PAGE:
Stanford Networking Seminar

12:15PM, Thursday April 8, 2010
Gates 104


Scalable Enterprise Networks with Inexpensive Switches
 

Minlan Yu
Princeton University


About the talk:
Enterprise networks are growing larger and ever more difficult to manage. Several emerging techniques help improve network management: flat addressing to support host mobility, shortest-path routing to improve performance, and flow-based switches to enable fine-grain policies. However, these techniques introduce scalability challenges in enterprises with many hosts, switches, and flow rules, forcing the use of expensive switches with large, power-hungry memory for processing data packets. In our work, we improve the scalability of enterprise networks through a combination of new data structures that make effective use of limited memory and traffic indirection that minimizes state required at each switch. We first present BUFFALO, which uses Bloom filters to reduce memory usage in switch forwarding tables. Then, we present DIFANE, a distributed architecture for managing the flow rules that enforce fine-grain policies for access control, routing, and traffic measurement. Both BUFFALO and DIFANE can be easily implemented with small modifications in today's switches, as demonstrated by our prototypes built using the Click modular router.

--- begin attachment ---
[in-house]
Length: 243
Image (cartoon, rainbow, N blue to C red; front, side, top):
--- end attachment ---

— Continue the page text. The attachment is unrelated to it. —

About the speaker:
Minlan Yu is a 4th year Ph.D. student working with Jennifer Rexford in the computer science department at Princeton University. She received her B.A. in computer science and mathematics from Peking University in 2006 and her M.A. in computer science from Princeton University in 2008. Her research interest is in network virtualization, enterprise and data center networks.